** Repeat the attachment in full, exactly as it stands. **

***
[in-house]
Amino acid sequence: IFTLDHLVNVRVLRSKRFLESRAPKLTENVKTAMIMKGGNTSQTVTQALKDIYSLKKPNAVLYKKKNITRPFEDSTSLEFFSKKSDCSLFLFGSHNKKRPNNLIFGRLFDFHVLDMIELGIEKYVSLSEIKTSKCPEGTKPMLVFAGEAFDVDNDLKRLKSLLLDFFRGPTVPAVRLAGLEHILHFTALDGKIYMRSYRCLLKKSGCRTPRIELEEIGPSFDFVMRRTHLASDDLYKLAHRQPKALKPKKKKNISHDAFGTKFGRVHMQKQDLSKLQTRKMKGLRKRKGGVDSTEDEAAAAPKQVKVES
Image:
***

[in-house]
Amino acid sequence: IFTLDHLVNVRVLRSKRFLESRAPKLTENVKTAMIMKGGNTSQTVTQALKDIYSLKKPNAVLYKKKNITRPFEDSTSLEFFSKKSDCSLFLFGSHNKKRPNNLIFGRLFDFHVLDMIELGIEKYVSLSEIKTSKCPEGTKPMLVFAGEAFDVDNDLKRLKSLLLDFFRGPTVPAVRLAGLEHILHFTALDGKIYMRSYRCLLKKSGCRTPRIELEEIGPSFDFVMRRTHLASDDLYKLAHRQPKALKPKKKKNISHDAFGTKFGRVHMQKQDLSKLQTRKMKGLRKRKGGVDSTEDEAAAAPKQVKVES
Image: